Tetouan’s large medina has seven entrance gates and contains several mosques, as well as the Museum of Moroccan Art, an excellent collection of regional costumes and typical Moroccan instruments. Houses in the medina are typically white and one storey high, giving it a great sense of harmony; it’s a lovely place to wander about to discover its hidden corners and small shops. Artisans come out of their workshops to show travellers their skilfully made creations: weavers, jewellers, furriers, ceramicists, etc. Tetouan medina was made a UNESCO World Heritage Site in 1997.
Tanners: a waning trade
Next to the Royal Palace, heading towards the cemetery, you’ll find the last few tanneries in the medina. They are spread across a 2,700 m2 space with 380 wells, but only four tanners now work here when once there were more than 120. It’s a worrying situation for the authorities because this thousand-year-old tradition is on the brink of disappearing from Tetouan, in contrast to Marrakesh and Fes, where the secrets of this craft are still passed down from one generation to the next.
The Spanish Ensanche quarter – Place Mulay El Mehdi
The Ensanche is the name given to the new neighbourhood that was built during the Spanish Protectorate. It’s a midway point between the old medina and the city’s newer, modern districts and is perhaps the most important legacy of Spain’s presence in Morocco. One of its most unique spots is Place Mulay El Mehdi, previously known as Plaza de Primo de Rivera, which is the centre of Tetouan. It’s home to the church of Notre Dame de la Victoire (1919) and its mission house; scenes from the TV adaptation of María Dueñas’ novel “El tiempo entre costuras” were also filmed here.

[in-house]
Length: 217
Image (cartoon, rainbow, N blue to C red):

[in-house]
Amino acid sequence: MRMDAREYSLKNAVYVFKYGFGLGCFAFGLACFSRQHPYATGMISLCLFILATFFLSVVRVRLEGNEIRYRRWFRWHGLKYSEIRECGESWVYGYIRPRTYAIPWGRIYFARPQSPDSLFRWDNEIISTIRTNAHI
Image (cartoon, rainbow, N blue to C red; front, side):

Markets/Souq – What to buy
If you love shopping, you’ll find plenty to enjoy in Tetouan. The medina is the perfect place for discovering the full range of goods on offer in the city. Rue Terrafin is busy with artisans whose products are divided by their area of specialisation: pottery shops, tea pots, lamps, rugs, hats, ceramics, leather goods, wooden items, jewels, etc. In Place Souk El Hot your eye will be caught by small striped aprons in bright colours that are typical to Tetouan; several antiques shops are dotted around Place El Gherssa El Kebira, while Rue Luneta has numerous painting and furniture shops. Artisans selling recently crafted goods can also be found next to the railway station. If you’d like to buy food and confectionary, head to Tetouan market.
Where to eat in Tetouan
Tetouan is a great destination for enjoying Morocco’s excellent food. Don’t leave without trying the delicious anchovy tagine or a wonderful dish of fresh fish – and Morocco’s traditional confectionery mustn’t be missed. The most famous restaurants in Tetouan are La Unión (Av. Mohamed V), a charming Moroccan-style restaurant; La Esquina del Pescado (Av. Chakib Arsalan) which specialises in fish; and Blanco Riad (25, Rue Zawiya Kadiria) which serves a wide range of Moroccan and international dishes.